Wal-Mart workers reject union again

Workers in Windsor, Ont., reject UFCW's attempt to unionize store

Workers at a Wal-Mart in Windsor, Ont. have overwhelmingly rejected the latest attempt to unionize one of the retail giant's stores.

In a vote held March 8, store employees in the union's proposed bargaining until voted 167 to 59 against certification.

"This marks the fourth time in less than two years that Wal-Mart Canada associates have voted against being represented by the UFCW," Wal-Mart said in a press release.

Wal-Mart said it is "committed to being a great place to work" and pointed out that it has been named the best retailer to work for in Canada by HR consulting firm Hewitt Associates and Report on Business magazine.

The union said it was "disappointed" but "not surprised" by the outcome of the Windsor vote, and said the vote was proof the retailer's fear tactics worked.

“A month ago Wal-Mart posted a notice on the Windsor lunchroom bulletin board announcing they would be closing a store in (Quebec) that recently unionized. And throughout this week department managers were taking employees one by one out to the parking lot to sign anti-union petitions,” said Michael J. Fraser, national director of UFCW Canada. “Wal-Mart only talks about workplace democracy when the workers are trying to join a union so they can intimidate them. The rest of the time it’s ‘do what you’re told or get out.’ Today democracy lost out to Wal-Mart’s intimidation, but our support for these workers isn’t over yet.”

Allegations of unfair labour practices

Before the Windsor vote this week, the UFCW filed new allegations of unfair labour practice against Wal-Mart at the Ontario Labour Relations Board, claiming a company representative had unlawfully helped and coached two employees in Windsor, Ont., to organize and oppose a union drive at the store in 1996-1997.

Organized by the Steelworkers, that campaign resulted in the first ever union certification of a Wal-Mart store. The labour relations board found the company had committed unfair labour practices and ordered an automatic certification of the store, as provided for by the labour relations law at the time.

Shortly after this certification, the then Conservative government of Premier Mike Harris passed a bill to strip the board of its remedial certification powers. The store was decertified within the year following a series of lawsuits and counter-suits, including allegations the union had conducted a fraudulent ratification vote.

The UFCW complaint, filed earlier this week, alleges that two anti-union associates, Patricia Girard and Marlene Needle, were introduced by a support manager and a store manager to a private investigator named “Dave” who said he would help the employees to get rid of the Steelworkers.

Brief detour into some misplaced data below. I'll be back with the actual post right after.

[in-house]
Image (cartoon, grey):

The complaint also states Needle was told by the support manager that she had been selected to be the contact person for employees who were opposed to the union drive, and was told by the store manager that she would soon receive a telephone call about organizing against the certification vote.

Shortly after, she received a phone call from Dave. Through faxes and telephone calls, Dave provided Needle with, “ideas for petitions, copies of petitions, notification of upcoming labour board hearing dates, meetings, notification of union meetings and instructions as to what actions Needle should take in the anti-union campaign,” states the complaint. None of the allegations have been challenged before the tribunal.

On one occasion, Dave asked Needle to look into the cost of chartering a bus to Toronto to take employees to a demonstration before the labour board. When Needle said her co-workers would not be able to afford it, Dave allegedly told her to watch her mailbox. She received about $900 in cash over a number of occasions, all delivered to her door in white envelopes.

Needle, who has signed an affidavit to be submitted to the board, alleges the store manager knew of her anti-union activities. She said the store manager assured her no one would be disciplined for taking time off work to attend the demonstration. And she said when she was subpoenaed to appear before the labour relations board in one of the hearings, the store manager asked her to meet with a Wal-Mart lawyer to prepare for her testimony.

The union’s complaint also alleges that in January, as another certification drive is ramping up in Windsor, an employee has come forward saying she has been contacted by “a man named ‘Dave’ who wanted to help keep any union from organizing the store.”

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